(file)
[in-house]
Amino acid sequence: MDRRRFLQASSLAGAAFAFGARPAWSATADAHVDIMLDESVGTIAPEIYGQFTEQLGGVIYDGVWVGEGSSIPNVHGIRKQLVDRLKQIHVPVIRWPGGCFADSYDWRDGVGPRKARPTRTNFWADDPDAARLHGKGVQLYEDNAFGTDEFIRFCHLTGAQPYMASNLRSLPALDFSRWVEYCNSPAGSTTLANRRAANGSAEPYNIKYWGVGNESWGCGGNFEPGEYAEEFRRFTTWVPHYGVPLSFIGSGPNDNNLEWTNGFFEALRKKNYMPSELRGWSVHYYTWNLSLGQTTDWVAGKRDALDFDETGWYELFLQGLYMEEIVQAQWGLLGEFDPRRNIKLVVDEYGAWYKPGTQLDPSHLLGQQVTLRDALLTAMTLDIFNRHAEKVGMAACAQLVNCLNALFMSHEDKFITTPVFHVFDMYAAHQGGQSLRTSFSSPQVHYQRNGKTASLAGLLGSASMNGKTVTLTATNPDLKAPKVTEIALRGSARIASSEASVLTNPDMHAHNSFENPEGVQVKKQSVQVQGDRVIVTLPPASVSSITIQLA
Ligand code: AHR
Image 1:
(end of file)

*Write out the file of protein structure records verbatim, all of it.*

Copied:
[in-house]
Amino acid sequence: MDRRRFLQASSLAGAAFAFGARPAWSATADAHVDIMLDESVGTIAPEIYGQFTEQLGGVIYDGVWVGEGSSIPNVHGIRKQLVDRLKQIHVPVIRWPGGCFADSYDWRDGVGPRKARPTRTNFWADDPDAARLHGKGVQLYEDNAFGTDEFIRFCHLTGAQPYMASNLRSLPALDFSRWVEYCNSPAGSTTLANRRAANGSAEPYNIKYWGVGNESWGCGGNFEPGEYAEEFRRFTTWVPHYGVPLSFIGSGPNDNNLEWTNGFFEALRKKNYMPSELRGWSVHYYTWNLSLGQTTDWVAGKRDALDFDETGWYELFLQGLYMEEIVQAQWGLLGEFDPRRNIKLVVDEYGAWYKPGTQLDPSHLLGQQVTLRDALLTAMTLDIFNRHAEKVGMAACAQLVNCLNALFMSHEDKFITTPVFHVFDMYAAHQGGQSLRTSFSSPQVHYQRNGKTASLAGLLGSASMNGKTVTLTATNPDLKAPKVTEIALRGSARIASSEASVLTNPDMHAHNSFENPEGVQVKKQSVQVQGDRVIVTLPPASVSSITIQLA
Ligand code: AHR
Image 1: